How I Lost Weight and Gained Health with Crossfit Workouts: Part 3, Results
Mindful that they were scaling down things for me, I returned to Crossfit and decided to enroll. The trainers, who were natural athletes young enough to be my kids, made all the moves seem effortless. The beginner’s class subsituted PVC pipe for weights and used slow single-reps for calisthenics. So everything seemed doable. I eagerly completed my week’s worth of learning and was eager to embark on real WODs (Workouts of the Day).
What I failed to grasp at the time was that real workouts added such inconveniences as actual weight, multiple reps and sets, distance and a time limit. For most adults with any kind of athletic skill, Crossfit is difficult enough. But for a couch potato such as myself, who had not exercised or played any sport in decades, the experience fit the definition of torture and required banning by the Geneva Convention.
Forget the complex moves such as the Turkish Getup, which started you from a lying position on the floor and then raised you to a standing position, all while holding a weighted iron ball above your head, with an extended arm. Even the veterans suffered with them. The killers proved to be the simple moves that were performed regularly and with multiple sets of up to 30 reps, such as:
- Jumping on and off wooden boxes up to three feet tall.
- Running for a mile.
- Crawling on hands and feet across the gym in a bear crawl.
- Standing next to a wall and throwing a medicine ball at it. And then catching the ball in both hands, squatting and then standing up to propel the ball back to the wall. This was called the wall ball.
Even basic calisthenics were beyond me. I couldn’t perform a single pushup, pullup or a ring dip. For any Olympic weight exercises, I struggled with a 15-pound bar that had no plates.
On some days, completing the WOD eluded me even at the rookie level. I’d sneak out of class in mid-workout, feeling embarrassed and angry at myself at being such a wimp. Defeated, I would wait in the car for my partner, who was having the time of his life.
He encouraged me to continue. And so did the trainers and the other participants. They cheered any of my minor victories and ignored any of my missteps. The only person who made me feel I didn’t belong was me.
My only achievements in four months were never missing a three-day-a-week schedule and following a new eating plan. The Crossfit diet of choice is the Paleo Diet. It basically removes carbohydrates like bread, pasta and rice as well as dairy products such as milk and cheese. It favors the foods our cave-dwelling ancestors survived by: plenty of fruits, vegetables, nuts, and lots of protein like beef, chicken and fish. My eating regimen was strictly paleo for the first month. After that, I’d occasionally indulge in an ice cream or some French fries.
Abut I was wrong about those being my only achievements. Because when I stepped on the scale after four months, I discovered a loss of 30 pounds. My pants were now three inches too big around the waist. And when I saw my naked body in the mirror,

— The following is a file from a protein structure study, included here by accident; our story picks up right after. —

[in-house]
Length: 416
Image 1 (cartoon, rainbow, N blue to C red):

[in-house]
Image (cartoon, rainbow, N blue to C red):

I was sexy!
Two Years Later
It’s been almost two years since I first quit Crossfit. And except for vacations and the occasional illness, I’ve never missed my three-days-a-week schedule. I’ve gained about ten pounds since my original 30-pound loss, but it’s been all muscle. Friends who haven’t seen me in awhile are full of compliments at my physical appearance.
Though the WODs are as hard as ever, they’ve transformed from terrifying instruments of hell to merely doable.
- Ten pushups are no problem, done with fists rather than open palms to the floor.
- I can do about six pullups and slightly more dips, but want to increase the reps.
- My Olympic lifting moves use the heaviest bar piled on with plates.
- Bear crawls are part of my standard warmup.
My physical goals have also become a bit more complex. I’m working on performing constant double-unders since I can only do a few at a time. On my future plate are running a full mile non-stop, handstand pushups, and muscle ups, where I raise my body on two overhead rings into a dip. I may even try a competition or two.
I’ve now passed the half-century mark. Yet I feel and look better than I ever have, and look forward to the WODs. My diet, once full of French fries, ice cream and fast food, is now heavy on fruits, vegetables and meat, helping to improve my health further. Because of Crossfit, I now feel that anything is possible, no matter how old you are.
If you’re interested in trying it out, which I especially encourage if you’re older, there’s probably an affiliate near you. But wait for my upcoming article on how to choose a Crossfit gym, and then let me know how you do.
Three Years Later
I'm still doing Crossfit regularly and also attend the twice-a-week weightlifting classes in the afternoons. My weight fluctuates between the 20-pound lost last year and a 25-pound loss. The workouts are no longer frightening insurmountable mountains. Instead, all challenges are doable and really hard ones are doable with more time.
For example, we have a pick-your-poison where anyone can choose their workout from a list. I'm invariably the only one or one of the few who picks a one-mile round-trip walk lifting a 54-pound kettlebell in each hand. Most fit people do it in 40 minutes. It usually takes me 1.5-hours. But I get it done.
Unfortunately, I still can't do a handstand nor a muscleup. But I'll keep trying.
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